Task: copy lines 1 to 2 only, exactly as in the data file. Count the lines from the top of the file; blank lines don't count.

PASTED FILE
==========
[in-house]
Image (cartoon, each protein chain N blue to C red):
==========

[in-house]
Image (cartoon, each protein chain N blue to C red):